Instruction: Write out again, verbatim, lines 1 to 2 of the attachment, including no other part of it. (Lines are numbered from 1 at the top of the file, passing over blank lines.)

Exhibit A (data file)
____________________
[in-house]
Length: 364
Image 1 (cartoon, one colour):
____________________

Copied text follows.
[in-house]
Length: 364